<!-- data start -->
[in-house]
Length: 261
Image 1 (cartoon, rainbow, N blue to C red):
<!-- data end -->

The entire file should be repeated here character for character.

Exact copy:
[in-house]
Length: 261
Image 1 (cartoon, rainbow, N blue to C red):